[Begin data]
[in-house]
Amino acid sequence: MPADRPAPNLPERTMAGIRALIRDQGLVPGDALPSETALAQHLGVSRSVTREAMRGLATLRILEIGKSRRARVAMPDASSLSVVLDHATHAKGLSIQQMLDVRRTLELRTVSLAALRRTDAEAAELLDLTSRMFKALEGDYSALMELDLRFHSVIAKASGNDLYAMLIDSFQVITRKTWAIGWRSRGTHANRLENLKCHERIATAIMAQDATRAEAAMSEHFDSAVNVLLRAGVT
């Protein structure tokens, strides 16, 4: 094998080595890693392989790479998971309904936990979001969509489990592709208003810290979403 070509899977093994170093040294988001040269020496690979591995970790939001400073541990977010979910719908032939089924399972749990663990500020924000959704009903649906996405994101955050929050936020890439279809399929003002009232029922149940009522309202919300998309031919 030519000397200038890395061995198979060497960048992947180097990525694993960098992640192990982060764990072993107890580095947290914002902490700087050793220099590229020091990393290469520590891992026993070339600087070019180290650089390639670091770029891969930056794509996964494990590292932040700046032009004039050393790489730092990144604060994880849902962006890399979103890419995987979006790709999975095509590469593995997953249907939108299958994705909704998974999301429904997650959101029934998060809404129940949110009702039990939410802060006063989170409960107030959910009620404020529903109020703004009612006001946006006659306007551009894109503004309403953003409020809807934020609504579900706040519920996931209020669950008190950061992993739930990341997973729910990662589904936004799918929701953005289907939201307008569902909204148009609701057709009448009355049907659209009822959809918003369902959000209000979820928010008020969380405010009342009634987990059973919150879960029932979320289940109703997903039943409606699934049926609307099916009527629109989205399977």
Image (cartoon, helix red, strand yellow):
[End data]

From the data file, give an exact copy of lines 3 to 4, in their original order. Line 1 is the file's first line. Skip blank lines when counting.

């Protein structure tokens, strides 16, 4: 094998080595890693392989790479998971309904936990979001969509489990592709208003810290979403 070509899977093994170093040294988001040269020496690979591995970790939001400073541990977010979910719908032939089924399972749990663990500020924000959704009903649906996405994101955050929050936020890439279809399929003002009232029922149940009522309202919300998309031919 030519000397200038890395061995198979060497960048992947180097990525694993960098992640192990982060764990072993107890580095947290914002902490700087050793220099590229020091990393290469520590891992026993070339600087070019180290650089390639670091770029891969930056794509996964494990590292932040700046032009004039050393790489730092990144604060994880849902962006890399979103890419995987979006790709999975095509590469593995997953249907939108299958994705909704998974999301429904997650959101029934998060809404129940949110009702039990939410802060006063989170409960107030959910009620404020529903109020703004009612006001946006006659306007551009894109503004309403953003409020809807934020609504579900706040519920996931209020669950008190950061992993739930990341997973729910990662589904936004799918929701953005289907939201307008569902909204148009609701057709009448009355049907659209009822959809918003369902959000209000979820928010008020969380405010009342009634987990059973919150879960029932979320289940109703997903039943409606699934049926609307099916009527629109989205399977």
Image (cartoon, helix red, strand yellow):